immediate manual control of the autonomous vehicle in the
event of an autonomous technology failure or other emergency.
Prior to the start of testing in this state, the person
performing the testing must obtain an instrument of insurance,
surety bond, or proof of self-insurance, as specified in
Department of Motor Vehicles (DMV) regulations, in the amount
of $5 million dollars.

8)Allows, alternatively, such vehicles to be operated on public
roads if the manufacturer of the autonomous technology
provides all of the following:

a) The autonomous vehicle has a mechanism to engage and
disengage the autonomous technology that is easily
accessible to the operator;

b) The autonomous vehicle has a visual indicator inside the
cabin to indicate when the autonomous technology is
engaged;








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c) The autonomous vehicle has a system to safely alert the
operator if an autonomous technology failure is detected
while the autonomous technology is engaged, and when an
alert is given, the system does either of the following:

i) Require the operator to take control of the
autonomous vehicle; or,

ii) Allow the autonomous vehicle to come to a complete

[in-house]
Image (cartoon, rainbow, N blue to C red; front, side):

stop if the operator does not or is unable to take
control of the autonomous vehicle.

d) The autonomous vehicle allows the operator to take
control in multiple manners, including, without limitation,
through the use of the brake, the accelerator pedal, or the
steering wheel, and alerts the operator that the autonomous
technology has been disengaged;

e) The autonomous vehicle's autonomous technology meets
Federal Motor Vehicle Safety Standards for the vehicle's
model year and all other applicable safety standards and
performance requirements set forth in state and federal law
and the regulations promulgated pursuant to those laws;

f) The autonomous technology does not make inoperative any
Federal Motor Vehicle Safety Standards for the vehicle's
model year and all other applicable safety standards and
performance requirements set forth in state and federal law
and the regulations promulgated pursuant to those laws;

g) The autonomous vehicle has a separate mechanism, in
addition to and separate from any other mechanism required
by law, to capture and store the autonomous technology
sensor data for at least thirty seconds before a collision
occurs between the autonomous vehicle and another vehicle,
object, or natural person while the vehicle is operating in
autonomous mode. The autonomous technology sensor data
must be captured and stored in a read-only format by the
mechanism so that the data is retained until extracted from
the mechanism by an external device capable of downloading
and storing the data. Such data must be preserved for three
years after the date of the collision.









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9)Prohibits an autonomous vehicle from being operated on public
roads, other than by manufacturers' representatives for
testing purposes, unless the manufacturer first submits an
application to DMV that contains, at a minimum, a
certification by the manufacturer that the autonomous